The long term goal of this research is to discover neural principles for the coordination of body movements. Specifically, this study will analyze the mechanisms of sensorimotor integration by the medial reticulospinal system. Such brain stem systems are essential for complex movements such as locomotion and orientation, but little is known about their underlying mechanisms. The proposed research will use an animal model -- the reticulospinal network that causes a distinctive escape maneuver in goldfish. Recent work shows that brain stem organization has been preserved during vertebrate evolution. Study of these animals can thus give crucial insights into the neural mechanisms of locomotor control. In addition, the reticulospinal neurons of these animals are experimentally accessible, the escape maneuver is easy to elicit, its kinematics are easy to analyze, and major components of the system are already well described. This project has three specific aims: 1) Neurons of the reticulospinal escape network will be identified by anatomical mapping and morphological characterization. These studies will use retrograde transport and staining of horseradish peroxidase, and intracellular injections of Lucifer Yellow. 2) Once the candidate neurons are identified, their neurophysiological features and inter-relationships will be described. These studies will use both extra- and intracellular recording techniques. 3) The neural processes for triggering and coordinating the behavior will be analyzed. These studies will combine high-speed kinematic, electromyographic and microlesion techniques. The feasibility of these studies is demonstrated by the current use of the requisite methods in ongoing experiments. Thus, this work can be anticipated to result in new information about the neural processes and anatomical connections for movement coordination in both and trauma.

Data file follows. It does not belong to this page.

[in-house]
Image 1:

National Institute of Health (NIH)
National Institute of Neurological Disorders and Stroke (NINDS)
Research Project (R01)
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Neurology B Subcommittee 2 (NEUB)
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University of Colorado at Boulder
Schools of Arts and Sciences
United States
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Eaton, R C; Hofve, J C; Fetcho, J R (1995) Beating the competition: the reliability hypothesis for Mauthner axon size. Brain Behav Evol 45:183-94
Eaton, R C; Popper, A N (1995) The octavolateralis system and Mauthner cell: interactions and questions. Brain Behav Evol 46:124-30
Eaton, R C; Canfield, J G; Guzik, A L (1995) Left-right discrimination of sound onset by the Mauthner system. Brain Behav Evol 46:165-79
Lee, R K; Finger, T E; Eaton, R C (1993) GABAergic innervation of the Mauthner cell and other reticulospinal neurons in the goldfish. J Comp Neurol 338:601-11
Foreman, M B; Eaton, R C (1993) The direction change concept for reticulospinal control of goldfish escape. J Neurosci 13:4101-13
Lee, R K; Eaton, R C; Zottoli, S J (1993) Segmental arrangement of reticulospinal neurons in the goldfish hindbrain. J Comp Neurol 329:539-56
Eaton, R C; DiDomenico, R; Nissanov, J (1991) Role of the Mauthner cell in sensorimotor integration by the brain stem escape network. Brain Behav Evol 37:272-85
Eaton, R C; Emberley, D S (1991) How stimulus direction determines the trajectory of the Mauthner-initiated escape response in a teleost fish. J Exp Biol 161:469-87
Nissanov, J; Eaton, R C; DiDomenico, R (1990) The motor output of the Mauthner cell, a reticulospinal command neuron. Brain Res 517:88-98
Eaton, R C; DiDomenico, R; Nissanov, J (1988) Flexible body dynamics of the goldfish C-start: implications for reticulospinal command mechanisms. J Neurosci 8:2758-68

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